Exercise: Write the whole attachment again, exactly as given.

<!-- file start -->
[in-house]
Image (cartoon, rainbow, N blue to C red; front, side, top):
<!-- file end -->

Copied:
[in-house]
Image (cartoon, rainbow, N blue to C red; front, side, top):